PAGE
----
What about Resin Wicker?
Resin wicker and synthetic wicker mean the same thing, and both are not the same as natural rattan. Because of the nature of wicker material as a natural fiber, it is susceptible to fraying as it dries. Resin Wicker was created as a synthetic alternative to provide the look and feel of rattan without the quick wear of the original material. It’s created from resin strands made of plant material and synthetic fibers, ex. polyethylene resin. These strands can be woven just the way rattan can, meaning wicker furniture techniques can be replicated onto resin wicker material!
With added durability, resin wicker can be a better option for your outdoor furniture, especially considering weather changes and the typical outside wear-and-tear, such as moisture and mildew. You’ll find that resin wicker also resists color fading, and does not need to be painted as the resin wicker itself is colored and subjected to light treatment which ensures the color holds up even through bright weather and wear. Your resin wicker furniture is well on its way to lasting over a decade if maintained properly, and occasional strand breaks can be fixed at home without a professional.
Resin wicker is a great deal for those of you seeking something more durable for your outdoor area, but keep in mind you might find that wicker resin doesn’t quite live up to the look of natural resin.
Wicker Furniture in your Outdoors Area
If you’re ready to choose your wicker furniture, there are some additional factors that can help you narrow down your choices.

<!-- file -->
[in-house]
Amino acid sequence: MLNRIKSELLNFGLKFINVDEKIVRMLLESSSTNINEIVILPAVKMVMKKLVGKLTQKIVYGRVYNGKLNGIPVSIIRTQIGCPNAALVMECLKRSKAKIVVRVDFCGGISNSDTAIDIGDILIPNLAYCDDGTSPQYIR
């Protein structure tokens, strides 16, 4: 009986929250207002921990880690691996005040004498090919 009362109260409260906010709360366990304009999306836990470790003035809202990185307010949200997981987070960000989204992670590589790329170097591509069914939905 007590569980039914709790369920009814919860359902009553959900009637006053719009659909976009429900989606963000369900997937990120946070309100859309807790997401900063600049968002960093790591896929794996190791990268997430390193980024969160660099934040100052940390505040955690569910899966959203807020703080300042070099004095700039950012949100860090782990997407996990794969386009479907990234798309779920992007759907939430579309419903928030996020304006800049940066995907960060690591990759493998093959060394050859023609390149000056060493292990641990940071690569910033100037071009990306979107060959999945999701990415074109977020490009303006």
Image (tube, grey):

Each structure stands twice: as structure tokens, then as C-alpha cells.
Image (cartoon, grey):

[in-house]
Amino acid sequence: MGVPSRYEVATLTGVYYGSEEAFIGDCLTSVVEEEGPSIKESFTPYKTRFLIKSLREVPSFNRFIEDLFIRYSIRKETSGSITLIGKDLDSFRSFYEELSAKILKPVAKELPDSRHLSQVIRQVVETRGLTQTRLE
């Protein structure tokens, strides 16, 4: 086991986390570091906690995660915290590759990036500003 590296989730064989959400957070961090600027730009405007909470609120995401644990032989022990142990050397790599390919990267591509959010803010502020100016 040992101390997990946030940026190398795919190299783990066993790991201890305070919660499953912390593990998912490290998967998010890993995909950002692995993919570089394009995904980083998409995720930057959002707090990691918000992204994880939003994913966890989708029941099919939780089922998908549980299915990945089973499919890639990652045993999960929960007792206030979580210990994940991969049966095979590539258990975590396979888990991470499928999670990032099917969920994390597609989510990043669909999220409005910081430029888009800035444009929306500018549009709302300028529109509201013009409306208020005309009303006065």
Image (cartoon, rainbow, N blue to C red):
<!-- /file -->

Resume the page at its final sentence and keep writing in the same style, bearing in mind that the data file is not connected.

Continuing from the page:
- A durable frame made from aluminum will keep your furniture from rusting. Powder-coated aluminum is available in a variety of colors, without the risk of flaking paint and with some prevention from oxidation. However, the finish can be scratched, and the aluminum can’t be polished to fix the issue. Our Mia collection is powder-coated aluminum, while our Sonoma collection is powder-coated wrought iron.
- Comfort! Wicker can be quite hard to sit on, and it’s a good idea to spruce up your furniture and outdoor area with some cushions and blankets. But just like rattan, fabric wears down. Keep in mind what sort of weather is common in your region and pick fabrics that will hold up well in between washes. When in doubt, you’re likely to find cushions to accompany your new furniture at the store where you made your purchase. All of our furniture frames requiring a cushion are priced and shipped with a standard cushion in a canvas white fabric. All materials used in our outdoor cushions are developed to withstand the elements, including UV sunlight, and have effective draining when wet.
- As mentioned before, rattan is a rapidly dwindling supply of material. When planning your purchases, consider purchasing furniture that focuses on giving back and maintaining the natural environment where rattan plants grow. Recyclable and synthetic rattan are great options, such as Ecolene®. You can also browse matching, eco-friendly fabric options to go along with your new environmentally friendly wicker furniture.
- If you’re opting for resin wicker, HDPE might be the better option long term. PVC is lightweight and has a low production cost, but HDPE is lighter, sturdier, and also more resistant to higher temperatures. It is also eco-friendly and recyclable. If environmentally friendly is on your checklist, HDPE is for you.
Keep in mind: don’t leave your natural rattan outside permanently, and clean it regularly.
Wicker furniture’s popularity has been around for thousands of years — and for good reason. Today, wicker is commonly used to accentuate a tropical or contemporary look, and is more accessible than ever for those looking to add a piece (or several!) to their outdoor setup. Great looks aside, with the right care, your pieces are bound to stay sleek for many years to come.